Stability Guarantees for Feature Attributions with Multiplicative Smoothing

Published: 27 Oct 2023, Last Modified: 20 Nov 2023NeurIPS XAIA 2023EveryoneRevisionsBibTeX
TL;DR: We give formal guarantees for feature attribution explainability methods.
Abstract: Explanation methods for machine learning models tend not to provide any formal guarantees and may not reflect the underlying decision-making process. In this work, we analyze stability as a property for reliable feature attribution methods. We prove that relaxed variants of stability are guaranteed if the model is sufficiently Lipschitz with respect to the masking of features. We develop a smoothing method called Multiplicative Smoothing (MuS) to achieve such a model. We show that MuS overcomes the theoretical limitations of standard smoothing techniques and can be integrated with any classifier and feature attribution method. We evaluate MuS on vision and language models with various feature attribution methods, such as LIME and SHAP, and demonstrate that MuS endows feature attributions with non-trivial stability guarantees.
Submission Track: Full Paper Track
Application Domain: None of the above / Not applicable
Clarify Domain: We broadly study feature attribution methods, but many examples are inspired from computer vision.
Survey Question 1: We study how to build useful and reliable explainability methods with a focus on binary-valued feature attributions. To do this, we mathematically formalize the concept of stability and present a computationally efficient and model-agnostic method, MuS, for achieving variants of this property. We show that MuS attains non-trivial guarantees on existing and popular models and feature attribution methods --- all without much custom engineering.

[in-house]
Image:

Survey Question 2: We are interested in providing formal guarantees for explainability methods, in particular, binary-valued feature attributions. We study formal guarantees because they provide a means for users to reliably use and predict how an explanation should behave. For feature attributions especially, this allows for a greater interpretability of what can be expected of the "important" features.
Survey Question 3: As our work studies feature attributions in general, we use LIME, SHAP, Integrated Gradients, and vanilla gradient saliency as some representative benchmarks.
Submission Number: 56